OMG: I appeared to have made a commitment to show how to build a dll in a previous blog and Angelina Jolie tells her story about DLLs
I am sorry, I made the statement:
Back to DLLs, a way to store your programming stuff. In one of the previous blogs, I talked about DLLs. Let’s examine how the DLL is referenced in the Visual Studio environment. To set a reference, in any of the Visual Studio tools you would use the reference and then right click it to add the DLL assembly reference to you IDE. To add the reference to a DLL, you would right click on the reference for the project (you can have more than one project in a solution), select “Add Reference”, another dialog box opens. One of the tabs you would select from the .NET tab, in the case of XNA, you might pick Microsoft.Xna.Framework.Pipeline, which isn’t selected by default when you start with building a new XNA project. The following are brief explanations of the tabs:
Lists all .NET Framework components available for referencing.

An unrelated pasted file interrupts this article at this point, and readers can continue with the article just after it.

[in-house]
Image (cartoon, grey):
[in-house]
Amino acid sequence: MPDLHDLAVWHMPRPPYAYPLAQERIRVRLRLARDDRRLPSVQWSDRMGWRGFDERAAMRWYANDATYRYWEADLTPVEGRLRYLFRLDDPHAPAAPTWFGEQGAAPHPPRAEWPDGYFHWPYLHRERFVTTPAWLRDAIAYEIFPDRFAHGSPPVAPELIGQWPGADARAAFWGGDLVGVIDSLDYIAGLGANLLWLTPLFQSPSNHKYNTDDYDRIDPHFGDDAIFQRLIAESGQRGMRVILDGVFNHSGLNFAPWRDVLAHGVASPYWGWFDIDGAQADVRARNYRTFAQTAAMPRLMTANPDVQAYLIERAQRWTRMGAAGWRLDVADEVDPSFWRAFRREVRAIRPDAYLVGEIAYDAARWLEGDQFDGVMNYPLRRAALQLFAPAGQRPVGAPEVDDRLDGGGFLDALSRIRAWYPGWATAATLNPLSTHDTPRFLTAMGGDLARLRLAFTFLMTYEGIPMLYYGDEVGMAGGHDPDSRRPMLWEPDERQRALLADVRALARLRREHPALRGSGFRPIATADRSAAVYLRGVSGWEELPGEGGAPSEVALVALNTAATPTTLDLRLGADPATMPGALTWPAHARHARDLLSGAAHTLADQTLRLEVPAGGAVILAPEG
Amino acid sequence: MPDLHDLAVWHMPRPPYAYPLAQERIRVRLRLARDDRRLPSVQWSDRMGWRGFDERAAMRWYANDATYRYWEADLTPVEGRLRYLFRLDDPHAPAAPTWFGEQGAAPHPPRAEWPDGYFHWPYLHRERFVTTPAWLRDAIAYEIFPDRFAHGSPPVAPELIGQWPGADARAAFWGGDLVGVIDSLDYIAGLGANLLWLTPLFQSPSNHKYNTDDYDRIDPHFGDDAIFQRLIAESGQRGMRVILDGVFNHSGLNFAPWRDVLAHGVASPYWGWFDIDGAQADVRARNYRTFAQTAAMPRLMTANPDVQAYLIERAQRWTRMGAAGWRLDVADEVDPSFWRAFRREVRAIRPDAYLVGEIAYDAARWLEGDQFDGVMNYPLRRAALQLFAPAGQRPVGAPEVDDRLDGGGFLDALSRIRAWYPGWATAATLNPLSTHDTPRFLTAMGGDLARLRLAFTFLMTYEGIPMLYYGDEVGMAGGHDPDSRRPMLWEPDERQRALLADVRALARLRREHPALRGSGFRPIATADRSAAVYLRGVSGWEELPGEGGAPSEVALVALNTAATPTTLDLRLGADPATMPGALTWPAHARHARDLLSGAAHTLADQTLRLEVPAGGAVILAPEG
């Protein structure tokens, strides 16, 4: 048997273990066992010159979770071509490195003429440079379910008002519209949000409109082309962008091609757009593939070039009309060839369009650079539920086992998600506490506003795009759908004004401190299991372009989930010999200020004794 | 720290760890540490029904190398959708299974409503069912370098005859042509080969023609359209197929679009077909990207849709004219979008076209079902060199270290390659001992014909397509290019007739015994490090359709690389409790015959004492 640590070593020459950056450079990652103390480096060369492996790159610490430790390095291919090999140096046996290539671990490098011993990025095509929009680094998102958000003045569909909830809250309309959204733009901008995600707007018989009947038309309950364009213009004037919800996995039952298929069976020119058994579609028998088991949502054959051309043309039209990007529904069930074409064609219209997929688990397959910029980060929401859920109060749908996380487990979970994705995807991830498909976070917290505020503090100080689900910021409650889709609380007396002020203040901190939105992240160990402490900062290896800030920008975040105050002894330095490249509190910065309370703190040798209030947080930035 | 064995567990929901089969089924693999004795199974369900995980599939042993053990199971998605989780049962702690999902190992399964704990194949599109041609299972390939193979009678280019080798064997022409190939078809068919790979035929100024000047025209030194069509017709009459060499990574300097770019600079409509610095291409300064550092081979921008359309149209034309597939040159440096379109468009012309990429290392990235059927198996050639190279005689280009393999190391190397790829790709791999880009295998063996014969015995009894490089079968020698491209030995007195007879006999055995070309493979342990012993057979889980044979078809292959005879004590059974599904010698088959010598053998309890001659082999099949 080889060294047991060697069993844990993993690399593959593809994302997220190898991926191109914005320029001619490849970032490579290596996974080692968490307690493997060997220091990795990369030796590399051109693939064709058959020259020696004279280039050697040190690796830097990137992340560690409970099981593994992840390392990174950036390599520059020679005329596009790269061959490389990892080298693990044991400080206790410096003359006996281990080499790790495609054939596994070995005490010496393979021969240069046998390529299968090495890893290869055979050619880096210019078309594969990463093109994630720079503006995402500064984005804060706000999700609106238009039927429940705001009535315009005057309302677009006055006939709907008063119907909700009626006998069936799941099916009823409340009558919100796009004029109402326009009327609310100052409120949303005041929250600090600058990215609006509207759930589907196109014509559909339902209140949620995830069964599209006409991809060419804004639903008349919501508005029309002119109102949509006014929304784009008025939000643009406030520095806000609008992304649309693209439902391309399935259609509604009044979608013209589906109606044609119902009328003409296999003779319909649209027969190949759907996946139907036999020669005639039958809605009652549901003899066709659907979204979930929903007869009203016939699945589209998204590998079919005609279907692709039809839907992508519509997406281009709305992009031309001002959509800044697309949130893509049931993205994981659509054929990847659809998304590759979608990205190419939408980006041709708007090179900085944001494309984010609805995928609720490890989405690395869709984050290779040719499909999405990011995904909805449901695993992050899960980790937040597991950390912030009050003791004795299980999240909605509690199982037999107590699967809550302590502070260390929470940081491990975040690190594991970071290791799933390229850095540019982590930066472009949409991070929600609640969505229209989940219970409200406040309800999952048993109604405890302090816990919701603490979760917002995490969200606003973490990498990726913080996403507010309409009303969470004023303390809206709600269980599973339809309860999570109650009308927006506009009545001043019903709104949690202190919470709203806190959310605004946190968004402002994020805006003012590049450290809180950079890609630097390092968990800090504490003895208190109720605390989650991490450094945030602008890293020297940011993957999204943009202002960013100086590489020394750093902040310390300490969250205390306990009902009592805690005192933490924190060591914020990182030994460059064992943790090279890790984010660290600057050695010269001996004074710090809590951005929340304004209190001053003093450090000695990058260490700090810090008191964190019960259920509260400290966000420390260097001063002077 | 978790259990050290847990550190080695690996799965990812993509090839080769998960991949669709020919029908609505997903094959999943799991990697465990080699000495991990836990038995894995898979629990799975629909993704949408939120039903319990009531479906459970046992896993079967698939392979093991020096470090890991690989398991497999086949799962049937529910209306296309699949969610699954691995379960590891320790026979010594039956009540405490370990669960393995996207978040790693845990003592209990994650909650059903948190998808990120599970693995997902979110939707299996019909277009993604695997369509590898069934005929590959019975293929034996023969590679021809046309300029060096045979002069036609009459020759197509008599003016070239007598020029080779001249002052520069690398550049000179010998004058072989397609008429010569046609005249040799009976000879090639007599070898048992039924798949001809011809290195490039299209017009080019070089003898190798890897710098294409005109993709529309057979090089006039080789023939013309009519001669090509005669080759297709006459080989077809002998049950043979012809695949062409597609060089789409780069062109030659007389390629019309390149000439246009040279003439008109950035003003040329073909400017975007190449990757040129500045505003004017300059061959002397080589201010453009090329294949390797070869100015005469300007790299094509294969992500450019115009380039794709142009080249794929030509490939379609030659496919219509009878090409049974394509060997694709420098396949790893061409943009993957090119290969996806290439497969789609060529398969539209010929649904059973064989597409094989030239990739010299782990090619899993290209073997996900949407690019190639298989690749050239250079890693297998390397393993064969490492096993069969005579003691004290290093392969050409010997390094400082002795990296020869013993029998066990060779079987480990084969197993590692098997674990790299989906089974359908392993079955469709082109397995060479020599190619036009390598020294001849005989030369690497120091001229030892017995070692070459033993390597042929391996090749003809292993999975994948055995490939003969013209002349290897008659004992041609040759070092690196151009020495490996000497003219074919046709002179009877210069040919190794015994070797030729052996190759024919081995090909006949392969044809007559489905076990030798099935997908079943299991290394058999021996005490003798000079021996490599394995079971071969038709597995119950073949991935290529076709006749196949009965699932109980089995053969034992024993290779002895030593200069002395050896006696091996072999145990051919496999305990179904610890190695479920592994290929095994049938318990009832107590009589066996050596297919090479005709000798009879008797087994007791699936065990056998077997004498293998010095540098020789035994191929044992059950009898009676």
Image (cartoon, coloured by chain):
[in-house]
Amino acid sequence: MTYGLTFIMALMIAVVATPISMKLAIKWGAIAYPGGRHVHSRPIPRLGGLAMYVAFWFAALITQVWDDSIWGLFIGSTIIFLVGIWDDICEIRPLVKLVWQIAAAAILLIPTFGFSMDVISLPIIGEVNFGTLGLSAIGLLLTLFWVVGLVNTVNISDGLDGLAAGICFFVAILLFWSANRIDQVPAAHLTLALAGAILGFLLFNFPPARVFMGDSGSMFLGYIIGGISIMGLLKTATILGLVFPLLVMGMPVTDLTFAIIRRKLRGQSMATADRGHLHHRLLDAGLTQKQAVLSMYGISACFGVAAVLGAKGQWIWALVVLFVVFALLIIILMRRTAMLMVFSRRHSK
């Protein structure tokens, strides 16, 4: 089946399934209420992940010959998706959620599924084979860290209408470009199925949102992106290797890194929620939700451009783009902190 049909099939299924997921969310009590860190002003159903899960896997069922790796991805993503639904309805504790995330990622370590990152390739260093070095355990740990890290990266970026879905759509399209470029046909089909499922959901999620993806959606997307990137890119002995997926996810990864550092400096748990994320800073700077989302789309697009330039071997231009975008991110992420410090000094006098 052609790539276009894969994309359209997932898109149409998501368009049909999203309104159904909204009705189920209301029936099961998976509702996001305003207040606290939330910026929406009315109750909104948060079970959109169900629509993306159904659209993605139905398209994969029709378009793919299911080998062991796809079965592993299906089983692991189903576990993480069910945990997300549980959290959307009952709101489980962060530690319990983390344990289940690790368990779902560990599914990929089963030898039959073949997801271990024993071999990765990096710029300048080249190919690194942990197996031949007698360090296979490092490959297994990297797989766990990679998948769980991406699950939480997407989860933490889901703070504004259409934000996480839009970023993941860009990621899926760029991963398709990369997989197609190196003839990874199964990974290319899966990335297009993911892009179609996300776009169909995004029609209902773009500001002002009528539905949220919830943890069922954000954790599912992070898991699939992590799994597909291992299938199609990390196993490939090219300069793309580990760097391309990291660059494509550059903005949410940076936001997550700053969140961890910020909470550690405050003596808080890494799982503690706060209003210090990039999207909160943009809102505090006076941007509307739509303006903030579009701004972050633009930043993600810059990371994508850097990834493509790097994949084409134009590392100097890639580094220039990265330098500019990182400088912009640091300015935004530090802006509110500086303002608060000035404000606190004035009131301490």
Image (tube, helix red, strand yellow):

Either the full or "friendly" name of the component.
The version number of the component.
The version number of the .NET Framework that the component was created with.
The folder path and filename of the component.
Lists all COM components available for referencing. COM is a type of class library that has some added features and legacy features. COM is only used in Windows and not Windows Mobile or Windows CE.
Lists Visual Studio projects in the current solution available for referencing. Select assemblies from this tab to create project-to-project references. This tab is used if you wish to reference another project either that are in the IDE or in the Projects Folder, you have to navigate the folder to find the DLL
Displays the names of referenced projects.
Displays the folder path for referenced projects.
Allows you browse additional files to find a component not listed in the current tab and add it to the list.
Displays recently added references.
Next blog will discuss how to use these references in your code.